Sunday, 16 December 2018

Here we go again

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The new year brings with it the introduction of MiFID II, which in its 1,700,000 paragraphs of rules, will attempt to legislate the introduction of the square wheel and the ruthless punishment of anybody who dares to suggest that it is not the greatest idea since the invention of the round one.

As I suggested late last year, putting 22 referees on a football pitch to individually oversee the actions of every player on either side does not necessarily lead to a better game.

Some things will remain the same as they are every year. We will be told that end-investor demand is strong while in reality positive price action will be the result of banks and dealers rebuilding their inventories. Indeed, most of those “endies” will be busy sorting out year-end reporting issues and trying to work out which side is up with respect to their MiFID II responsibilities.

By mid-month investment dollars will follow and we’ll rally through mid-February when markets discover that they’ve overdone it a bit. We’ll then get a correction, only for prices to pick up again through the end of the quarter. It happens every year and there is no reason for this one to be different.

So far the IT industry alone has benefited – to the tune of US$2bn – from MiFID II and lawmakers who might believe that that cost will not end up being borne by the very people it is supposed to be protecting have another think coming.

MEANWHILE AND DESPITE the above, here is my key scenario for 2018. The promulgated US tax reform package is expected to add US$1.3trn to the annual deficit. This needs to be financed. At the same time, the Fed will continue to reduce its balance sheet. The “cap” is set at initially US$10bn per month which will rise to US$50bn per month, which pans out at US$600bn per year. So the open market has to find nearly US$2trn of extra annual demand in order to absorb the supplementary supply. This alone should push interest rates higher across the curve, resulting in a natural, market-induced tightening of monetary conditions without the Fed having to lead the way through its own monetary policy. The Treasury will be doing its job for it.

Bearing that in mind, the FOMC can remain more accommodative than most of the economists and analysts appear to account for. Thus, I believe, it is quite possible that the FOMC will not, as broadly expected, tighten three times in 2018 but only, at most, twice. It is hard to believe that our central bankers are not as aware as we are that it is they who have created the ongoing asset price bubble and anything they can sensibly do to prevent the thing from blowing up in their faces will surely be done. Having launched the ship, they will be happy not to be seen to have then sunk it again.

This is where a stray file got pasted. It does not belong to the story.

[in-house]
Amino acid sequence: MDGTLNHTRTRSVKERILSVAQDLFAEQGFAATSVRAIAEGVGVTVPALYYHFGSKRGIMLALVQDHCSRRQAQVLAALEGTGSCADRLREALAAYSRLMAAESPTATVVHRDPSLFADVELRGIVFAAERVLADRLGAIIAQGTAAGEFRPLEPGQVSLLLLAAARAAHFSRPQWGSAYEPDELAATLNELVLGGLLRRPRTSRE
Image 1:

ACROSS THE GLOBE economies are performing well and although there is a notable pick-up in inflation – it has risen from nothing to next to nothing – the central banks, from the Fed to the ECB, will try to tighten verbally rather than factually while hoping that a US-led steepening yield curve will do the job on their behalf.

Not having to work too hard at the key interest rate tap will also suit the monetary authorities as it will prevent already over indebted consumers from fleeing the field at the same time as keeping equity markets from panicking and running for cover.

Thus for the coming year risk asset markets don’t look to be under the serious threat that their bubble-like behaviour of 2017 might be expected to augur.

I therefore suggest that this is not the year to cash out of the equity market and also not the year to go chasing bonds.

The oil price now looks well supported; I wrote in October that I could see WTI making US$60 per barrel by year-end. It did just that by closing on Friday at US$60.42, the first time it has broken US$60 since June 24 2015. I don’t want to lean too far out of the window but I suspect we’ll see a US$80 price before we see it back at US$40. That too will have an effect on disposable household income and it will also contribute to doing the monetary authorities’ job for them.

That aside, and reverting to another one of my recurrent themes, the western economic model is built on an assumption that inflation will debase and therefore effectively repay debt and that unless Mr Inflation is allowed to creep back into the room, our entire financial system will continue to hurtle towards a brick wall at high speed.

Fear of the collapse of asset prices and the dire political consequences of a second failure of markets in just 10 years will keep the central banks at bay, monetary policy easier than currently anticipated and markets protected for the next 12 months.

I might of course be entirely wrong although I began 2017 by saying all the wrong things which by and large in the end transpired, against consensus, to be more or less right. I’m hoping for a repeat.

With those thoughts aired, please permit me to wish everybody a successful, profitable and hopefully not overly stressful 2018.

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